05 Apr Strategies to Help Behavioral Health Providers Succeed with Value-Based Care
If you want your organization to thrive in the behavioral healthcare market, you must start thinking about value-based care now. As the focus shifts away from traditional fee-for-service (FFS) systems that pay for the amount of treatment, value-based payments (VBP) are becoming increasingly important to payers. The new VBP methods link reimbursements with improved performance and outcomes. These payment models hold providers accountable for the cost and quality of their services. The goal is to reduce ineffective care and reward high-performing providers.
As these payment models shift toward value-based payments, behavioral healthcare executives and providers should ask themselves these five questions.
- Does our organization provide care that meets patient needs in a cost-effective manner?
- Is the care being tracked in an EHR?
- Does our model document improvement in client functionality?
- Does our billing system provide proof that we are offering cost-effective services?
- Are we prepared to integrate with primary care?
Strategies for Providers
Behavioral Health Business recently looked at universal strategies behavioral health providers can use to set themselves up for success in value-based care models. Stakeholders say it comes down to data, partnerships and practice. While it is imperative that agreements are mutually beneficial for providers and payers, the most important thing to focus on with value-based care and value-based payments is to be aligned around the right set of outcomes, and use the data and the evidence to do that.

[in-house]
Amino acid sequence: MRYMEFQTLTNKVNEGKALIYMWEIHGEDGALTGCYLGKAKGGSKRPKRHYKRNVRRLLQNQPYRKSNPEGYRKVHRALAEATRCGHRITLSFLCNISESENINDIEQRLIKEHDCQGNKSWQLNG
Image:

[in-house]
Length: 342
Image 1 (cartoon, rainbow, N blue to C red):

Using an EHR to Support Value-Based Care
Value-based care for behavioral health is something that has been studied in-depth for a long time, due in part to the increasingly high costs associated with mental health and substance use disorder (SUD) treatment. Rewarding providers based on successful client outcomes is a model that benefits everyone. Providers must track clinical and financial performance to determine whether they’re saving money and improving outcomes. But beyond running basic reports, that data must be functional, especially if providers want to maximize their reimbursements. Using a robust, behavioral health-specific EHR for documentation and clinical support has allowed behavioral health professionals to shift more easily towards value-based care. When value-based care and value-based payment models are combined with powerful EHR technology, mental health and SUD practitioners are thoroughly empowered to focus on outcome-based care.
Integrating value-based payments into behavioral healthcare systems provides opportunities for improved access to quality services. Behavioral healthcare organizations must prepare for sweeping changes in payment systems. To learn more about how you can set up your organization for success as payment models shift, download this FREE guide, Value-Based Payments in Behavioral Healthcare now.